The ruling also called into question the validity of using social media to communicate federal policy; Trump announced his intent to ban trans servicemembers through Twitter in July before issuing a formal directive. The decision was announced “without any of the formality or deliberative processes that generally accompany the development and announcement of major policy changes that will gravely affect the lives of many Americans,” the judge wrote. While Trump wrote on social media that the move came after consultation with military leaders, the judge determined that “all of the reasons proffered by the president for excluding transgender individuals from the military in this case were not merely unsupported, but were actually contradicted by the studies, conclusions and judgment of the military itself.” (Philadelphia Gay News – Jen Colletta at epgn.com)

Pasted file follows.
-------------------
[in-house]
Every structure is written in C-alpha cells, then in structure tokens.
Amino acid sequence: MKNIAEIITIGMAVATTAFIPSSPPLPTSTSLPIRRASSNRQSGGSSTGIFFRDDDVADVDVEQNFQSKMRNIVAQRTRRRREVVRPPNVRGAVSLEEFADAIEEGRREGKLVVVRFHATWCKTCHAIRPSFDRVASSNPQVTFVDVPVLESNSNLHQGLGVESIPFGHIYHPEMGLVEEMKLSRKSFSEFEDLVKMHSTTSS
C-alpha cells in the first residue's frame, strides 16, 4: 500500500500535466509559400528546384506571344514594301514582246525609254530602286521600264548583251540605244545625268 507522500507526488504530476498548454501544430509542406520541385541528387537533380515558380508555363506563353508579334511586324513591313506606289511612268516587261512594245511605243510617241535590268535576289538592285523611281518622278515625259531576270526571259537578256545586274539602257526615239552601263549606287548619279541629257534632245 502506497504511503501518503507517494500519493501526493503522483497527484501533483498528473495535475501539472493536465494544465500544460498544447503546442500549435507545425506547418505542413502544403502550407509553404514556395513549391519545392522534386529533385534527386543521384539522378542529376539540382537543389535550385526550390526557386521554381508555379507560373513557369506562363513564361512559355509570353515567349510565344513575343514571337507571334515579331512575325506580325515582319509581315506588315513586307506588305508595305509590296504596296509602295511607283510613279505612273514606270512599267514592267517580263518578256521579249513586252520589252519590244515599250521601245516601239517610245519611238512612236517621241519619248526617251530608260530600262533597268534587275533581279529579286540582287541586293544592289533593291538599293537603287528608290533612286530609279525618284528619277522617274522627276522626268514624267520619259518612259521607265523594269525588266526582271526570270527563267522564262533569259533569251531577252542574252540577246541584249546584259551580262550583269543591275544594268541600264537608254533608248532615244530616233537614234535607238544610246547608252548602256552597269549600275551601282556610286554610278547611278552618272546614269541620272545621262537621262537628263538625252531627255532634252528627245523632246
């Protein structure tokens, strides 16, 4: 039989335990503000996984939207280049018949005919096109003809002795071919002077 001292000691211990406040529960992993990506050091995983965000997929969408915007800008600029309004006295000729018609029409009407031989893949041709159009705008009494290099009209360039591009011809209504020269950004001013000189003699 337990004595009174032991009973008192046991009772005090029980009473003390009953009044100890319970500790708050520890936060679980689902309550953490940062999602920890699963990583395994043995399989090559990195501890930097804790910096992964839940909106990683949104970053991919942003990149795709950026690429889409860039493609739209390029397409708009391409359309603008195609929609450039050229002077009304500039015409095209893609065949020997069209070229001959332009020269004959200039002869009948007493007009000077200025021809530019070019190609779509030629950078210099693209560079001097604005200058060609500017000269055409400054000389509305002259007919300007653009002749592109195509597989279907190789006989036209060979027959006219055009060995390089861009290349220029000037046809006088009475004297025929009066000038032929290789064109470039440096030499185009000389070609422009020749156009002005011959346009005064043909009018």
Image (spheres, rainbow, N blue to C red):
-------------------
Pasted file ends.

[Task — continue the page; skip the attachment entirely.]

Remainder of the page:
Morgan takes part in HRC historically black colleges summit

Washington, D.C. – On November 3, the Human Rights Campaign (HRC) Foundation, the educational arm of the nation’s largest lesbian, gay, bisexual, transgender, and queer (LGBTQ) civil rights organization, welcome student activists from Morgan State University, Bowie State University, the University of Maryland Eastern Shore, and other historically black colleges and universities (HBCUs) for a three-day leadership summit designed to foster campus environments that are welcoming and affirming to LGBTQ people. “We’re thrilled to welcome these student leaders to HRC for our 12th annual HBCU summit,” said Leslie Hall, the HRC’s Senior HBCU Program Manager. “The commitment and dedication demonstrated by these fierce advocates is inspiring, and we look forward to having them return to their campuses with a renewed commitment to fighting for equality and inclusion. I am truly excited that we have the opportunity to come together, learn from each other, and increase our strength as advocates for the LGBTQ community.”